Where Rev could be going...

Dave Cragg dcragg at lacscentre.co.uk
Sat Nov 18 18:28:55 EST 2006

On 18 Nov 2006, at 20:19, Dan Shafer wrote:
> However, the inability to thread in Rev effectively makes the use  
> of Rev for
> CGI applications pretty limited as a practical matter. Each  
> execution of the
> CGI is effectively blocking in nature. (I'm over-simplifying a bit  
> here, I
> know, but I think this is the primary concern in broad terms.) Each
> invocation of the CGI waits for previous invocations to terminate.  
> In a
> low-usage environment, the wait is acceptable and depending on what  
> the CGI
> is actually doing, it can be unnoticeble. But to use a CGI in a  
> production
> server environment where the amount of load is unpredictable or  
> known to be
> large, Rev is a non-starter.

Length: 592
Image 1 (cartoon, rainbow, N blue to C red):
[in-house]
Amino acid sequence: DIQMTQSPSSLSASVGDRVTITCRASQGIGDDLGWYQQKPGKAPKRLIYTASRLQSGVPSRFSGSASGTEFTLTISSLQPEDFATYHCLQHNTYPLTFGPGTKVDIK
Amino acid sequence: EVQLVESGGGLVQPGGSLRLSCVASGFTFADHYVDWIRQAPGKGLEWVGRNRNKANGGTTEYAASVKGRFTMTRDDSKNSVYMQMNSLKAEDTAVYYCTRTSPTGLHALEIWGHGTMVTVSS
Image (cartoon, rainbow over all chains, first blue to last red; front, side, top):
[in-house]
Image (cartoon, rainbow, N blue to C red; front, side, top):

Dan,  I don't think this is correct.

Each call to a Rev CGI on a server will start a new instance of the  
Rev engine. Many instances can be running at the same time, and  
whichever completes first will return first.

I just tested this with two CGI scripts to make sure. One CGI was  
timed to take 5 seconds to complete. The second was timed to take 1  
second. I called the long one first, and then the short one. The  
short one returned first.

To test this from Rev on the client side is a bit tricky. You need to  
run two instances of Rev, one for each CGI. This is because if you  
use Rev's load url command to two urls from the same server, the  
second load request won't be issued from the client until the first  
has completed. Is it possible that the client behavior was giving you  
a misleading picture of the server behavior?


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